Argued: December 12, 2016
Johnson appeals from a judgment of the United States District
Court for the Northern District of New York (McAvoy,
J.), entered on October 20, 2015, convicting him,
following the entry of a guilty plea, of conspiracy to
possess and distribute cocaine, cocaine base, heroin, and
marijuana, in violation of 21 U.S.C. §§ 841(a)(1)
and 846, and of being a felon in possession of a firearm, in
violation of 18 U.S.C. § 922(g)(1), and sentencing him
principally to a mandatory term of life imprisonment. Johnson
also appeals from an order denying his motion to withdraw his
guilty plea. We conclude that Johnson's plea was not
entered voluntarily, knowingly, and intelligently.
Accordingly, we vacate the judgment of the district court and
the guilty plea, direct that the case be reassigned, and
remand for further proceedings consistent with this opinion.
D. Silver, Assistant United States Attorney, for Richard S.
Hartunian, United States Attorney for the Northern District
of New York (with Miroslov Lovric, Assistant United States
Attorney, on the brief), Albany, New York, for the United
States of America.
Lawrence Gerzog, New York, New York, for Defendant-Appellant.
Before: Jacobs, Cabranes, and Parker, Circuit Judges.
Jacobs, Circuit Judge
Johnson appeals from a criminal judgment of the United States
District Court for the Northern District of New York (McAvoy,
J.), entered October 20, 2015, on a plea of guilty
(without a plea agreement) to a drug conspiracy in violation
of 21 U.S.C. §§ 841(a)(1) and 846, and to being a
felon in possession of a firearm, in violation of 18 U.S.C.
§ 922(g)(1). A few months after his plea on July 3,
2015, but before his sentencing, Johnson wrote to the
district court seeking to withdraw his plea and replace his
lawyer, asserting that he did not understand that his guilty
plea would necessarily entail a mandatory life sentence. If
he understood that the judge would have no discretion,
Johnson explained, he would have gone to trial. The district
court denied the motion without a hearing, and Johnson also
appeals from that denial.
conclude that Johnson's plea was not entered voluntarily,
knowingly, and intelligently. In the plea hearing, the
impression was given that there was a range of sentencing
options: the judge spoke of "the potential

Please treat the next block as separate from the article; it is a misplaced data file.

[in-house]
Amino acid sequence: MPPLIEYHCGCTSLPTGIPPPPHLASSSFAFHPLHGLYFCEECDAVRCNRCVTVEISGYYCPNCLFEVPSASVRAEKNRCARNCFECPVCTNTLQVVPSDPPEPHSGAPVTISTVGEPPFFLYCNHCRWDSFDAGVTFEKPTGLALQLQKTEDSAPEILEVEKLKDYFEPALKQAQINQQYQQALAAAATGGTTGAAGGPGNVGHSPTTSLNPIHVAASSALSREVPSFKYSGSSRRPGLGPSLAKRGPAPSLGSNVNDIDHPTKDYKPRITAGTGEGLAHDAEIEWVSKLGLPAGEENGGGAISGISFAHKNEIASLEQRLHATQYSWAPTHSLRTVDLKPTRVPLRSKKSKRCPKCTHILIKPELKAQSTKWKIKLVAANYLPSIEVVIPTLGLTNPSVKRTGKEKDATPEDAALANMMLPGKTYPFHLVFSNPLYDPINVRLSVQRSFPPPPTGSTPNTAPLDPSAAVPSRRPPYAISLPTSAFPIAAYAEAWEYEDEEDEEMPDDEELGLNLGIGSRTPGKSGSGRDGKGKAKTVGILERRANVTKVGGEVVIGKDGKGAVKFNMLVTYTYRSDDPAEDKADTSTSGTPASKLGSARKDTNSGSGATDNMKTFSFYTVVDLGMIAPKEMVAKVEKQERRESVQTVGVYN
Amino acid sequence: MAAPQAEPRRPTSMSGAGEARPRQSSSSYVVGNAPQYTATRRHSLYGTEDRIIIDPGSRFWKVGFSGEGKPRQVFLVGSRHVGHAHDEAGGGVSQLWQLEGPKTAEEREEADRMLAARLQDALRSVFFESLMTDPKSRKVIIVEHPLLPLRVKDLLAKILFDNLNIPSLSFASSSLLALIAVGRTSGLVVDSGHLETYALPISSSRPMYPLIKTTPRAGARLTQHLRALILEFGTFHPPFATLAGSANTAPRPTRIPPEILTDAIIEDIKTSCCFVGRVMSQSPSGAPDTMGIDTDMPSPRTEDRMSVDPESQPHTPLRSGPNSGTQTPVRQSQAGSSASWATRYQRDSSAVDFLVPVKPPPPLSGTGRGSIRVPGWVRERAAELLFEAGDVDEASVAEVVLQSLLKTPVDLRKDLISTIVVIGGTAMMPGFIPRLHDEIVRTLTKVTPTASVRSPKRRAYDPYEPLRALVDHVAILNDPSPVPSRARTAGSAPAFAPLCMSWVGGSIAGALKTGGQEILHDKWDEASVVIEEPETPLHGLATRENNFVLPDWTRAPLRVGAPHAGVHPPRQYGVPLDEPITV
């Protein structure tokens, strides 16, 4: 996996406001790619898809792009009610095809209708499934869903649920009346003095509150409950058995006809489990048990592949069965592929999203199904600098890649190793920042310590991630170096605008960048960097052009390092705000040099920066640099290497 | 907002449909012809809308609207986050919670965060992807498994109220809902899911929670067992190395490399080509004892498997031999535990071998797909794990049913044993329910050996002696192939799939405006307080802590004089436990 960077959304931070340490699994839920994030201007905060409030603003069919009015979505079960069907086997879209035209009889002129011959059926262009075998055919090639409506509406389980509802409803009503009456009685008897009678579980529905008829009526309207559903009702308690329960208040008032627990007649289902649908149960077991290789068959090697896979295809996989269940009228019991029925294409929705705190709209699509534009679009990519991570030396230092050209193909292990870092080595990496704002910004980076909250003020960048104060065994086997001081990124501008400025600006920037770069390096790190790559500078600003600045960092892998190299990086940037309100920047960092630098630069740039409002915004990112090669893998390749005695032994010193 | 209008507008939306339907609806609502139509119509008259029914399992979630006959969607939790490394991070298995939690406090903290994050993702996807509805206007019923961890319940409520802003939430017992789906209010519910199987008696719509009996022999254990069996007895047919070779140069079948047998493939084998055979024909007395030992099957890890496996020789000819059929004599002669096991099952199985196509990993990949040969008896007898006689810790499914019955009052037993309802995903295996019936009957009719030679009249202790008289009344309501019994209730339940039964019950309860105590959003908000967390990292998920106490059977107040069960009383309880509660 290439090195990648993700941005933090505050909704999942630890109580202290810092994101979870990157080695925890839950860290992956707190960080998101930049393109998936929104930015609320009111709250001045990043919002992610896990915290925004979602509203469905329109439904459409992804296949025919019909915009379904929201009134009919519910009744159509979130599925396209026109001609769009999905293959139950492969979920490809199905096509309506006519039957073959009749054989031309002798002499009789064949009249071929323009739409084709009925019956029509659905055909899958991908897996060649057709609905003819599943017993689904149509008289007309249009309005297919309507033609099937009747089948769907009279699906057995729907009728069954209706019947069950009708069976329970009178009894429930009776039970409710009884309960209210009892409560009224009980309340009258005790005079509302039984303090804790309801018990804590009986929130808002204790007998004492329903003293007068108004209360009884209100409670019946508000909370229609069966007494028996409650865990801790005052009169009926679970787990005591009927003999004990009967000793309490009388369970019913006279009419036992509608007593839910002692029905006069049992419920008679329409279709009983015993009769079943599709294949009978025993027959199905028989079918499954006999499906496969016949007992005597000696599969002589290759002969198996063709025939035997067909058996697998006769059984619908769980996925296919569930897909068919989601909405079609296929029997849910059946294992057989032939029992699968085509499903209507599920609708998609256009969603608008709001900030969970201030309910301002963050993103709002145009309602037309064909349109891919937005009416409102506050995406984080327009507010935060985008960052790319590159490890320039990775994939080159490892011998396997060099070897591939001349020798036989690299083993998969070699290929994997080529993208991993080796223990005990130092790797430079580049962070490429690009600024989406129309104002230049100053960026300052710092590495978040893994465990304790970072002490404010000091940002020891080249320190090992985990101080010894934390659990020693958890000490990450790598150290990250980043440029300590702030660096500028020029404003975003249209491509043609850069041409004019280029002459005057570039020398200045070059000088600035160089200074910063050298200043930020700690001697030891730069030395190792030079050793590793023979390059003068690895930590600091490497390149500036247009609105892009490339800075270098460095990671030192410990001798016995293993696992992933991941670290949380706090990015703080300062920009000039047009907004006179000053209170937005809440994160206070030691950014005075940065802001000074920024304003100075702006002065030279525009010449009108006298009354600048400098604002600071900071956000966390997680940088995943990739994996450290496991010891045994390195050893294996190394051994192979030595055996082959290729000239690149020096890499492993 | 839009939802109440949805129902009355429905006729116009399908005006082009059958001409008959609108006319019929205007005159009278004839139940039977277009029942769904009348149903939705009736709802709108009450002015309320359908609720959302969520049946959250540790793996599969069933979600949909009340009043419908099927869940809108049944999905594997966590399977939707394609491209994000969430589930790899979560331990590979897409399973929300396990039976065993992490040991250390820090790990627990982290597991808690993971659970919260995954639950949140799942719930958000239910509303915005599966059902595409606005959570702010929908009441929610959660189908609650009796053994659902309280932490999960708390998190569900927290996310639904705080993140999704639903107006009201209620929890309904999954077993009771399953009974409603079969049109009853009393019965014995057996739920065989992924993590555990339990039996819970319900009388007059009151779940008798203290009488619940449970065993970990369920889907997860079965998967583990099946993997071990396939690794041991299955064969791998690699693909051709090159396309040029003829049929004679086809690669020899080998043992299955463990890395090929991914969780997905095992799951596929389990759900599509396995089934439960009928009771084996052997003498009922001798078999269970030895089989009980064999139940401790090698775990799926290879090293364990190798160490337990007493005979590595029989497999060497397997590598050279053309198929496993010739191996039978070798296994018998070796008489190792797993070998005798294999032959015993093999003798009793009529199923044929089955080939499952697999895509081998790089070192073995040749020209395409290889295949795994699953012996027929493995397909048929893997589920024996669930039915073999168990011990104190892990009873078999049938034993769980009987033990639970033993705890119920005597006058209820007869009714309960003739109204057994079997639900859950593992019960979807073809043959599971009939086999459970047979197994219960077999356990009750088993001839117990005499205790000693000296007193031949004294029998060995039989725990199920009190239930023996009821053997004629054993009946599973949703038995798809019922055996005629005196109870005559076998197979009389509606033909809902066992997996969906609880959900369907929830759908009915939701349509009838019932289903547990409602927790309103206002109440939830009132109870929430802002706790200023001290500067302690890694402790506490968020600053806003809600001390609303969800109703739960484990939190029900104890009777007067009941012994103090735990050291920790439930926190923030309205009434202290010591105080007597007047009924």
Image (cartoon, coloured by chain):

sentences"; the prosecutor gave an account of multiple
maximum and minimum sentences, discussed supervised release,
and warned of the forfeiture of rights (including the right
to hold public office); and the court and prosecutor
discussed Sentencing Guidelines ranges and judicial
discretion to weigh the facts and circumstances. Although the
prosecutor at one point stated that a minimum sentence of
life would "trump" other considerations, that
critical advice was overwhelmed by incompatible advisories.
The sentencing transcript suggests that Johnson's counsel
(on whom Johnson would rely to sort it out) may not have
understood the inexorable nature of the sentence either. And
Johnson's assertion that he would have gone to trial if
he knew that a life sentence was foreordained is rendered
plausible by the arresting fact that he derived absolutely no
benefit or advantage from the plea.
we vacate the district court's judgment and Johnson's
plea, direct that the case be reassigned, and remand for
further proceedings consistent with this opinion.
October 2014, a grand jury indicted Calvin Johnson on one
count of participation in a drug-trafficking conspiracy in
violation of 21 U.S.C. §§ 841(a)(1) and 846 and one
count of possession of a firearm by a felon in violation of
18 U.S.C. § 922(g)(1). The statutory determinants of his
sentencing exposure appear relatively complex, but his actual
sentence if convicted could hardly be simpler.
firearm count, pursuant to 18 U.S.C. § 924(a)(2),
carries a maximum sentence of ten years of imprisonment and
no mandatory minimum. The drug count, pursuant to 21 U.S.C.
§§ 841(b)(1)(A) and 851, carries a maximum sentence
of life imprisonment and a mandatory minimum that depends
upon the application of prior-felony enhancements: the